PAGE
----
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Weaver v. Herman

United States District Court, Third Circuit

January 23, 2014

RONALD WEAVER, Plaintiff.
v.
DOUGLAS W. HERMAN, CHARLES C. BROWN, JR., MICHAEL O. PALERMO, JR., DAVID R. BRESCHI, DANIEL KEEN, JOHN DOE, and THE FRANKLIN COUNTY JAIL, Defendants.

MEMORANDUM

MALACHY E. MANNION, District Judge.

Pending before the court is the report of United States Magistrate Judge Karoline Mehalchick assigned to the instant matter, (Doc. No. 16), which recommends that the plaintiff's motions to remand, (Doc. No. 5, Doc. No. 10), be granted and the defendants' motion to dismiss the plaintiff's complaint, (Doc. No. 2), be denied as moot. Upon review of the report and the defendants' objections thereto, the court will adopt the report of Judge Mehalchick[1].

By way of relevant background, on May 10, 2013, the plaintiff, an inmate at the State Correctional Institution at Laurel Highlands, ("SCI-Laurel Highlands"), Somerset, Pennsylvania, filed the instant action in the Court of Common Pleas of Franklin County, in which he alleges various federal and state law claims. On May 28, 2013, the complaint was served on the defendants. On June 18, 2013, a petition for removal was filed on behalf of defendants Keen and the Franklin County Jail, ("removing defendants"), who indicated therein that the notice of removal had been served June 17, 2013, on plaintiff, defendants and the Prothonotary of the Court of Common Pleas of Franklin County[2]. (Doc. No. 1).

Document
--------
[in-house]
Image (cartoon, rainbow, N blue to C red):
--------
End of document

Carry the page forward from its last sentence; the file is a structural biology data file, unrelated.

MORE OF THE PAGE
A motion to dismiss the plaintiff's complaint was filed on behalf of the removing defendants on June 24, 2013, (Doc. No. 2), with a supporting brief filed on July 3, 2013, (Doc. No. 4). The plaintiff filed a brief and memorandum of law in opposition to the motion to dismiss on July 11, 2013. (Doc. No. 8, Doc. No. 9). A reply brief was filed on behalf of the removing defendants on July 26, 2013. (Doc. No. 12).

In the meantime, on July 5, 2013, the plaintiff filed his first motion to remand. (Doc. No. 5). On July 11, 2013, the plaintiff filed a second motion to remand. (Doc. No. 10). Upon direction by the court, (Doc. No. 7), a brief in support of the plaintiff's latter motion to remand was filed on July 29, 2013. (Doc. No. 13). The removing defendants filed a brief in opposition to the plaintiff's motions on August 12, 2013. (Doc. No. 14).